Online lottery could be coming to a state near you: NPR

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Several states – including Illinois and New York – are now moving forward with plans to offer lotteries over the Internet.

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Several states – including Illinois and New York – are moving forward with plans to offer lotteries over the Internet. This is on the heels of a Justice Department advisory that reverses a long-standing policy and declares that states are free to conduct online gambling within their borders.

The lottery issue came to the fore when the two states, both of which were moving forward with Internet lottery plans, sought clarification from the Department of Justice. The answer came two days before Christmas, when federal authorities declared that the Wire Act of 1961 – long considered a provision banning all gambling on the Internet – only prohibits sports betting.

“What this means is [that] states are now free to do just about anything they want,” says I. Nelson Rose, gambling analyst and law professor at Whittier. Rose says the Justice Department opinion was a Christmas gift from the Obama administration to cash-strapped states, which will raise hundreds of millions of dollars.

“There are over 44 lotteries in this country. They’re all looking to ‘Let’s get online immediately if we can’. They’re all looking at their state’s statutes,” Rose says.

1961 – The Interstate Wire Wager Act of 1961 prohibits betting on telecommunications systems that cross state lines or national borders.

2006 – The Unlawful Internet Gambling Enforcement Act of 2006 curbs the growth of online gambling by prohibiting companies from accepting payment for a bet or stake involving the use of the Internet. Online gambling sites, which previously generated around $6 billion a year from poker alone, are being driven underground.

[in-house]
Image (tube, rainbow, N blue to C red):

2010 – Officials in New York and Illinois are lobbying the Justice Department to find out if existing laws could prevent them from selling lottery tickets online.

2012 – Following the call for clarification, the Department of Justice issues a lenient interpretation of the Wire Act of 1961, which states that bans on betting via telecommunications systems only apply to “gambling activities related to sports “. In effect, this means that states can allow online gambling as they see fit.

—Beenish Ahmed

Source: Federal Deposit Insurance Company; San Francisco Chronicle, Associated Press

Illinois Lottery Director Michael Jones said Illinois residents should be able to purchase tickets online for Lotto and MegaMillions games in early spring and for Powerball in the near future.

“The problem here is very simple. All the state legislature wanted was for the lottery to reflect people’s buying habits with the type of retail channel that everyone uses to buy plane tickets, books and concert tickets,” Jones said.

With such a huge need for revenue, states are also wondering if the decision means they can offer other games, like online poker. It has already been legalized in Washington, DC, along with internet bingo and blackjack.

University of Illinois professor John Kindt is against such an expansion and calls the Justice Department’s opinion outrageous. He says internet gambling will take money out of the consumer economy and is like pouring gasoline on the recession. It’s a problem that will create bankruptcies, crime and new addicted players, he says.

“It will put the game in every living room, every office and every school desk,” says Kindt. “People will literally be able to click their mouse, lose their home.”

But Frank Fahrenkopf, CEO of the American Gaming Association, says protections can be put in place – and already have been in places like Britain and France, where internet gambling is allowed. .

“We’ve been able to see, with the regulatory reforms they’ve put in place, that it can be provided in a very safe way to protect underage children from online access and gambling, and you can provide, by following , a big help for those who can gamble responsibly,” says Fahrenkopf.

Farenkopf says it’s no longer a question of whether there will be Internet gambling in the United States, but how.

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